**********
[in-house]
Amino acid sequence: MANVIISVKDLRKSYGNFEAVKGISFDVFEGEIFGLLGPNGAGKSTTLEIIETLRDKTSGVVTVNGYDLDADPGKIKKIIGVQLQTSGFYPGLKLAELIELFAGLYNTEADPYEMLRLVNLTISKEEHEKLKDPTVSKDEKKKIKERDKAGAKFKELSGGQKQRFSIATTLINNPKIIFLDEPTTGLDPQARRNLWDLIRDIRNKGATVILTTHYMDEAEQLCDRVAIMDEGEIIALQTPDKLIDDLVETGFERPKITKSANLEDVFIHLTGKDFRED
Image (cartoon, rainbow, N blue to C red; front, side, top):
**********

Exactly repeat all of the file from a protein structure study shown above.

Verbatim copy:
[in-house]
Amino acid sequence: MANVIISVKDLRKSYGNFEAVKGISFDVFEGEIFGLLGPNGAGKSTTLEIIETLRDKTSGVVTVNGYDLDADPGKIKKIIGVQLQTSGFYPGLKLAELIELFAGLYNTEADPYEMLRLVNLTISKEEHEKLKDPTVSKDEKKKIKERDKAGAKFKELSGGQKQRFSIATTLINNPKIIFLDEPTTGLDPQARRNLWDLIRDIRNKGATVILTTHYMDEAEQLCDRVAIMDEGEIIALQTPDKLIDDLVETGFERPKITKSANLEDVFIHLTGKDFRED
Image (cartoon, rainbow, N blue to C red; front, side, top):